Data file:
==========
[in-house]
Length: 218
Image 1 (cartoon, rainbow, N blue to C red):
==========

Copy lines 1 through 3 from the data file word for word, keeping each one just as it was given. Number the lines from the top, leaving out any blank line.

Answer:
[in-house]
Length: 218
Image 1 (cartoon, rainbow, N blue to C red):